4 Options for Getting A Mortgage When Your Spouse Has Bad Credit


For better or for worse, for richer or for poorer, in sickness and in health, to love and to cherish, till death do you part.

But what about in Excellent and Poor credit? Good husbands and wives learn to live with their spouse’s weird habits, but a significant other’s bad credit score is a more serious headache, especially when you’re applying for a mortgage. After all, moving into your first home together and starting a family is a major step for many married couples.

Don’t worry: You can still get into a home, even if your spouse’s credit history is a little spotty. It will just take a bit more planning. Here are some options that one or both of you can pursue to get into a home and foster your marriage (and credit score) for years to come.

Leave Your Spouse Off of The Mortgage

The problem with applying for a mortgage with your spouse, assuming they have bad credit, is that it impacts your ability to qualify. Even if you have excellent credit, you’ll find that your score gets watered down by their poor credit. This could limit how much you qualify for, and will definitely impact how nice of a rate you can get.

The easiest way to dodge these problems is to apply for a mortgage by yourself. You’re not required to involve your spouse (or their credit burden) in the application. They can still be included on the deed in most cases, even if their name isn’t on the mortgage.

It’s the simplest option, but it might not be your best option. Remember, if they don’t apply for the mortgage, their income can’t be considered either. Unless you’re bringing home most of your household’s spending money, you’ll probably end up qualifying for less.

Still, there’s a workaround: If your spouse has a significant amount of cash but poor credit, they can give you a cash gift instead. If you use this gift toward a down payment, you can afford to borrow less to pay for the home.

Get A Cosigner

Even if their credit situation means that your spouse can’t join you in applying for a mortgage, that doesn’t necessarily mean you need to go it alone. One popular option that can help elevate your mortgage qualifications is to bring on a cosigner.

A cosigner is a qualifying relative who agrees to shoulder responsibility for the mortgage if the buyer is unable to pay. This is a popular option for younger applicants because it allows them to qualify for a better rate with help from mom and dad, without actually needing those loved ones to live on the property.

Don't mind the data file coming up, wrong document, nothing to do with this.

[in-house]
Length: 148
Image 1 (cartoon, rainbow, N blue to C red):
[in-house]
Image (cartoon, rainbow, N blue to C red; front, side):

This is an especially nice option if you’re on good terms with your in-laws, because they’ll be willing to lend a helping hand to their baby, especially if their son or daughter-in-law is in a healthy financial situation.

Even if this doesn’t put you in the best position, rate-wise, you can wait a few years for your partner’s credit to improve and then refinance at a better rate.

Let's hope your spouse's credit rating is just as hot as a beach wedding in South Florida.

Let’s hope your spouse’s credit rating is just as hot as a beach wedding in South Florida.


Have Them Become An Authorized User

How close is your spouse to breaking into Fair credit? If it’s within reach, maybe within 20 points or less, there are several simple “hacks” you can try to give their credit score a shot in the arm (for a larger list of hacks, check out this post).

Perhaps the easiest hack is to have them become an authorized user on a credit card belonging to someone with a more desirable credit score. They can request this help from their parents, or even from you.

They don’t need to use the card in order to gain benefits from it. Of course, they technically can use the card…hopefully you trust them to use your card responsibly if you trusted them enough to get hitched.

Get an FHA Loan Instead of A Conventional Loan

If your income alone isn’t going to be enough to get you the mortgage you want, or if you won’t be able to put enough toward a deposit to get the mortgage you qualify for, you may want to consider an FHA loan instead of a conventional one.

These government-backed mortgages are designed to help those with lower credit scores or cash reserves get into a home. If you have a 620 score, you can qualify for a mortgage with as little ast 3.5 percent down.  

FHA mortgages can offer rates comparable to conventional, as well as allowing your spouse contribute their income toward qualifying for a higher total. Be aware that FHA loans come with other costs, however, such as mandatory mortgage insurance payments.

There are many variables that go into deciding what the best plan for you and your spouse might be. If you have any questions, speak with your lender and develop a sound strategy.

We have plenty of advice on mortgages, but here’s our only advice on marriage: Even if your credit is much better, don’t suggest they aren’t your “better half.”

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